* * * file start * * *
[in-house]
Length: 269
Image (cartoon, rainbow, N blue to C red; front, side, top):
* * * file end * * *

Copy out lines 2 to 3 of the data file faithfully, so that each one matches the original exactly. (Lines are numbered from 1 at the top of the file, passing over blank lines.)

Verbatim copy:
Length: 269
Image (cartoon, rainbow, N blue to C red; front, side, top):